In watching “Blue Like Jazz,” I felt a bizarrely personal connection to the protagonist.  It was always funny to me how my high school teachers and administrators considered it their unanimous duty to “prepare students for college.”  Like Don, I grew up in ultra-suburban Texas. I went to church every week, even volunteering with the youth group.  And like Don’s, my community was overwhelmingly conservative.

So when a multitude of foundations I’d lived with for 18 years were stripped away from me the second I stepped foot on a college campus, I was dazed and confused.  Suddenly my world was vacant of an immediate group of superiors telling me I wasn’t allowed to drink, or I wasn’t allowed to engage in sexual exploits, or I wasn’t allowed to be out past midnight (yeah, I had it rough).  I was removed from my family, friends and mentors.  I was on my own in a strange, hazy, completely unfamiliar world.  For the first time, I was given a gift and a curse that would stick with me forever: complete personal responsibility.

Watching Don grind through this exciting, yet painful and vulnerable evolution in his new environment engenders empathy and admiration. The numerous similarities between his experiences and mine speak not just to our religious comparability, but to the human experience of having an entire ideology cut down as naivety. After placing so much conviction and confidence in a way of life, the mind reels when it is challenged so bluntly. It is easy to feel hurt, confused, and personally injured – as if external perspective is an insult on your own character or personality.  But it can also lead to great communication, revelation and epiphany.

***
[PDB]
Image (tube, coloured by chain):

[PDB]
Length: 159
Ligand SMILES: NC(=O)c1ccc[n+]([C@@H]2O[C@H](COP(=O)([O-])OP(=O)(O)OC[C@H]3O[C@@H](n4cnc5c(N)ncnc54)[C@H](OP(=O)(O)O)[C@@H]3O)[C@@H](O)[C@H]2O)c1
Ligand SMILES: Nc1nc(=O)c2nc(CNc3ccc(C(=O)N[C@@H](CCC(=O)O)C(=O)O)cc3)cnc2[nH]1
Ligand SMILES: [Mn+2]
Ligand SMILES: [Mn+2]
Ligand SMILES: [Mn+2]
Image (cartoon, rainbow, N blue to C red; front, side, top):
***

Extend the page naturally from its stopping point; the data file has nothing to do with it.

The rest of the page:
Understandably, Don felt all of that. And it resonates – seeing this guy at a pivotal transition, slowly moving from the child-like comfort of his old and incomplete faith for a new, mature comprehension of that faith and his surrounding world. Through having tender ideals challenged, his simple rock of faith is transformed under extreme pressure and stress into a diamond-like revelation, bringing him to a truer understanding of Jesus, and opening his ears and heart to the concerns and philosophy of those who thought differently.

Though “Blue Like Jazz” may wander around a bit in trying to do so many things at once, the things it tries are nonetheless virtuous – and many succeed.  The rockier moments in the script are smoothed by a wonderful cast, and director Steve Taylor should be commended for working an impressive feat with such a thin, microscopic budget (mostly provided by Kickstarter).  Despite its imperfections, the film has an incredible heart that shines with earnest humility, presenting strong, provocative messages for all viewers.  

“If the point of life is the same as the point of a story, the point of life is character transformation. If I got any comfort as I set out on my first story, it was that in nearly every story, the protagonist is transformed. He's a jerk at the beginning and nice at the end, or a coward at the beginning and brave at the end. If the character doesn't change, the story hasn't happened yet. And if story is derived from real life, if story is just condensed version of life then life itself may be designed to change us so that we evolve from one kind of person to another."—Donald Miller, from “A Million Miles in a Thousand Years” & “Blue Like Jazz,” respectively.